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Ezekiel lived in a time of international crisis and conflict. Assyria was the world power in the area under the rule of Tiglath-pilesar III. In 724 B.C Israel raged war upon Assyria, and Israel was no match for Assyria. In 627 B.C the last of the able Assyrian rulers, Ashurbanipal died. Following the death of Ashurbanipal, Babylon under Nebuchadrezzer II wanted independence from Assyria. In 614 B.C the Assyrians under Nineveh surrendered to the rising Babylonians. In 605 B.C the Babylonians defeated the Egyptians and established themselves as the leading power in the area. During all of this warring, Judah allied itself with Babylonia and kept her independence. However, in 597 BCE, after failing to continue their payment of tribute, Babylonia besieged Jerusalem. Nebuchadrezzer II, king on Babylonia, installs a puppet king, Zedekiah, in order to keep the Judeans in line. Nevertheless, Zedekiah rebels also. In 586, Babylonia exiles the most of the rulers and people of Judah to Babylonia, leaving only the poorest, and decimates Jerusalem, including the temple. Since the people believed the “Zion Theology,” which said Jerusalem is God’s choice of Zion and the monarchy comes from David, exile left the Judeans completely lost. The responses varied among the exiled Judeans, since they assumed that they were safe, after the temple wasn’t destroyed during the first destruction of Jerusalem and the fall of Israel. One response was lament, a feeling or an expression of grief, over their loss. Another was anger towards the Babylonians. A further response was anger toward neighbors who failed to aid them. Moreover, some Judeans turned to Marduk, chief god of the gods of Babylonia, figuring that he overpowered Yahweh, the god of the Judeans. Finally, the Judeans thought judgment had befallen them for their sins against Yahweh and Yahweh revoked his protection of Jerusalem. The Judeans remained in exile, until 538 BCE.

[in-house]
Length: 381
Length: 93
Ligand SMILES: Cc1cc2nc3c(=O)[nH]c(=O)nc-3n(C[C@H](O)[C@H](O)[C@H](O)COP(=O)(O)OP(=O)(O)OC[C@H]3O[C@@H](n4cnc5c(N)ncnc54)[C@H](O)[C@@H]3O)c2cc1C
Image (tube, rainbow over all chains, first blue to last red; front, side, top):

Ezekiel, son of Buzi, a Zadokite priest, received his call to prophesy at around 593 BCE, along the Chebar River at the village of Tel-abib. “As I [Ezekiel] looked, a stormy wind can out of the north; a great cloud with brightness around it and fire flashing forth continually…He said to me, Mortal, I am sending you to the people of Israel.” (Cook 1182-1184). Carried captive during the 597 BCE Exile, Ezekiel by some accounts made the “torturous trek to Meso...

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...him and give them new hearts that will not turn away and new spirits that will obey. Then they can renew their covenant with God and return to the land that he promise Abraham, then Moses. Furthermore, they can be once again God’s children, like the Prodigal son.

Works Cited

Brownlee, William H. "The Book of Ezekiel." Interpreter's One Volume Commentary. Ed: Charles Laymon. Nashville: Abingdon Press, 1971. 430.
Cook, Stephen L. “Ezekiel.” The New Oxford Annotated Bible Third Edition: new Revised Standard Version with the Apocrypha. Ed. Michael D. Coogan. New York: Oxford University Press, 2001. 1180-1182.
Howie, C.G.. "Ezekiel." The Interpreter's Dictionary of the Bible: An Illustrated Encyclopedia. Ed: George Buttrick. New York: Abingdon Press, 1962. 203-213.
May, Herbert G. "The Book of Ezekiel." The Interpreter's Bible. Ed. Samuel Terrien. Nashville: Abingdon Press, 162+.
Pfisterer Darr, Katheryn. "Ezekiel 36:22-32." The New Interpreter's Bible Vol. IV. Ed: Leander Keck. Nashville: Abingdon Press, 2001. 1490-1493.
Vawter, B. "Book of Ezechiel (Ezekiel)." New Catholic Encyclopedia. New York: McGraw-Hill Co, 1967. 776-779.
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